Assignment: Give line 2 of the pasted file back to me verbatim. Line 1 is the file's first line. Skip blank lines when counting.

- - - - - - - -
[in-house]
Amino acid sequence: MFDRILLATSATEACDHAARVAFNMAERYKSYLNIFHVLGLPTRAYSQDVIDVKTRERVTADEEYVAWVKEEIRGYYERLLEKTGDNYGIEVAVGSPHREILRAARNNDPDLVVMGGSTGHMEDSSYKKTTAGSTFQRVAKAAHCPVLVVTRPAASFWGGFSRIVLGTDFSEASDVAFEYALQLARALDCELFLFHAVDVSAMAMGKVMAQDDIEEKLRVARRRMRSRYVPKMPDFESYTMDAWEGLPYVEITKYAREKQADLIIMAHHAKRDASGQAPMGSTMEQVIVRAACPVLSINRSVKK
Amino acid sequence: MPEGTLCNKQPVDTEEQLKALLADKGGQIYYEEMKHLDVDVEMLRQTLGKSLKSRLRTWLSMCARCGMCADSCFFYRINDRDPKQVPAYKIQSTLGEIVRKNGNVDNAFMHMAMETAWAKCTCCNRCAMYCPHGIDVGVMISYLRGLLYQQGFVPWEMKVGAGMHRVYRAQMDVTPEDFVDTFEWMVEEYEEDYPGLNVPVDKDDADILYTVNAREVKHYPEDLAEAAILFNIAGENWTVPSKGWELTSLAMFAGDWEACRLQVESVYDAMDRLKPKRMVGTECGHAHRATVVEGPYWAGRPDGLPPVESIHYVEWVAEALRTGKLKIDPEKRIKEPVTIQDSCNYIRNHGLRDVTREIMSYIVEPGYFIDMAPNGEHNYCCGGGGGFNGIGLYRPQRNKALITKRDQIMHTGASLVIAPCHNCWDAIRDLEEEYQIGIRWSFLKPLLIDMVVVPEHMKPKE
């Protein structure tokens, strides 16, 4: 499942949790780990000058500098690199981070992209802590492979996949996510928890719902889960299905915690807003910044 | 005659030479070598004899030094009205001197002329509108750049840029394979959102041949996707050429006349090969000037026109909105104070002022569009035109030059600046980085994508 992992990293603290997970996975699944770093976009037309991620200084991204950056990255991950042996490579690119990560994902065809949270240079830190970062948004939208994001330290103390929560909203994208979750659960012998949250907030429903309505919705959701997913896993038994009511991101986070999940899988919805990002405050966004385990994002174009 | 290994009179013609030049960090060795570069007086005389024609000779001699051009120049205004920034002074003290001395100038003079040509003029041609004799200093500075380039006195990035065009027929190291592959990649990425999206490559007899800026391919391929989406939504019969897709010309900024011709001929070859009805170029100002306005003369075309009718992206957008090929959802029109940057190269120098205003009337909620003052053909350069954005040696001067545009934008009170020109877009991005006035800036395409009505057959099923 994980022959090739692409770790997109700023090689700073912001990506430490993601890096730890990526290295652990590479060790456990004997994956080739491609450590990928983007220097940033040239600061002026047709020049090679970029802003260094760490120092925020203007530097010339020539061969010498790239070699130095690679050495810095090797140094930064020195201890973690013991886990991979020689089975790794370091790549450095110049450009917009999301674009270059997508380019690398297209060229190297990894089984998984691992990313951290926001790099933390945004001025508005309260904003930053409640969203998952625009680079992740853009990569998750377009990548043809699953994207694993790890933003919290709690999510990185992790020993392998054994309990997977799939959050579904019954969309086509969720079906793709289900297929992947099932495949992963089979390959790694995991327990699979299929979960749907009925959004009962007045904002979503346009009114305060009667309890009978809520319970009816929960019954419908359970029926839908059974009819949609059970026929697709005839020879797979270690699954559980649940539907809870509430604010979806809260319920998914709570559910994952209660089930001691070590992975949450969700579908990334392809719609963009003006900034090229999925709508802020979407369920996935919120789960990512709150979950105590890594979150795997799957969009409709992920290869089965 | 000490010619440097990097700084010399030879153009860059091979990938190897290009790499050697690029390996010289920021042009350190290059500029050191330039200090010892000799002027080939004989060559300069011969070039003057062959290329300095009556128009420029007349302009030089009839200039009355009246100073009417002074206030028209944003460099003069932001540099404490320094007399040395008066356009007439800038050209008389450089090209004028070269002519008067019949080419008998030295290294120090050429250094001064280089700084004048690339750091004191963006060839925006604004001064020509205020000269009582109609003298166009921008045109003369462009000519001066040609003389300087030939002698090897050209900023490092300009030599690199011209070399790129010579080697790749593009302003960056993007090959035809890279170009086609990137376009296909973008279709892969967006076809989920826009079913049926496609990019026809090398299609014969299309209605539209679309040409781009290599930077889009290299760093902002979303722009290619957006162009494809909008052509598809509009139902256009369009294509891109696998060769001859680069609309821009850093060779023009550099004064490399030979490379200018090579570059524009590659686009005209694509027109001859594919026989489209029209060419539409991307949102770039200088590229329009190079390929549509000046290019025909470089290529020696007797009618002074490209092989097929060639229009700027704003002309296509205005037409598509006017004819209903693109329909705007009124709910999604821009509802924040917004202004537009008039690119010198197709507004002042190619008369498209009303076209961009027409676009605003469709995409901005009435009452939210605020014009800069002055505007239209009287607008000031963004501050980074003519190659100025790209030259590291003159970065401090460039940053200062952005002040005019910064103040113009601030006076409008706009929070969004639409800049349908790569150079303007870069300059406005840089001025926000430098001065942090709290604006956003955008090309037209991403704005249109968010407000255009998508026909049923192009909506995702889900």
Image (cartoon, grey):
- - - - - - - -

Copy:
Amino acid sequence: MFDRILLATSATEACDHAARVAFNMAERYKSYLNIFHVLGLPTRAYSQDVIDVKTRERVTADEEYVAWVKEEIRGYYERLLEKTGDNYGIEVAVGSPHREILRAARNNDPDLVVMGGSTGHMEDSSYKKTTAGSTFQRVAKAAHCPVLVVTRPAASFWGGFSRIVLGTDFSEASDVAFEYALQLARALDCELFLFHAVDVSAMAMGKVMAQDDIEEKLRVARRRMRSRYVPKMPDFESYTMDAWEGLPYVEITKYAREKQADLIIMAHHAKRDASGQAPMGSTMEQVIVRAACPVLSINRSVKK